Every story has a beginning, a middle and an end, but a new play that’s about to hit The Butterfly Club in Melbourne – The Nursery Web – uses all three parts to frame a bigger story about the nature of romantic relationships. Red Magpie sat down for a chat with the talented all-woman team behind this intriguing production – writer and director Kotryna Gesait, and assistant directors Genevieve Neve and Lulu Jemimah – as they tell us about the play and their backgrounds ahead of The Nursery Web’s opening night tonight.
Walking into the Phoenix Bar in Canberra on a Wednesday night, you might be surprised to find a room full of people paying rapt attention to a screen at the back of the stage normally reserved for musicians and performers, with a little theatrette in front. But on the first Wednesday of each month, something new and unique is happening: Jumpcuts, an open mic night for short film, run by local filmmakers Elise Dare and Dom Northcott, with hosts Ellie Windred and Nick Delatovic.
Belinda Barnes is a Canberra-based Australian painter originally from South Africa. The moody colouring of her work evokes landscapes and natural shapes seen as memories, while her use of perspective gives a simultaneous feel of the aerial and the microscopic. There is a distinctly Australian quality about her work – the earthy orange and red palette, combined with striking blues, summon extremes of Australian bush and water. Belinda has had several exhibitions and sold numerous works, and took the time to talk to us about her artwork, her process and her story.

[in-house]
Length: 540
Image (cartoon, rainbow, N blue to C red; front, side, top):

Lee Hooper and Carly Godden have launched their Melbourne true crime podcast series Dead & Buried. The pair are the creators, researchers, writers and hosts of this podcast, and are more than well-placed to research a series showcasing underground history and true crime in and around Melbourne.
Her Sound Her Story is a narrative exhibition, documentary and live performance that spans generations and has taken two years to compile. It features interviews and photographs of 50 Australian musicians with a unifying factor: they all happen to be indomitably talented and hard working members of what Claudia affectionately refers to as “the mob” – the mob of women reclaiming space and utterly killing it in the music industry.
Homer is an online journal which creates conversations about masculinities and alternative male role models. The website was officially launched in September, and we spoke to founder and editor Ashley Thompson about how he’s feeling about things so far, the difficulties with creating a space that invites men to be vulnerable, and where he’d like to see Homer going in the future.
I never learnt how to ride a bike as a child. The older I became, the more the two-wheeled enigma became an impenetrable fantasy mode of transport, and the more estranged I felt from “normal” people who took this skill for granted. But my god, the rush when I managed to peddle for the first time! I screamed inwardly, “I’m a cute girl in an A-line smock riding a bicycle in Berlin!” and, with the stupidest grin plastered across my face, cycled for about three metres – before crashing into the side of a stationary car.
Gabriella Moxey is a visual artist specialising in oil-based portraiture. Her portraits are convincingly human, intimately conveying the personality of the subject to the viewer. Gabriella’s work also includes landscapes and animal life portrayed through a variety of materials, such as a striking charcoal series reminiscent of fossilised fish. While painting and drawing are her primary mediums, Gabriella also dabbles in sculpture and photography. She is currently undertaking her Masters in Fine Art at RMIT.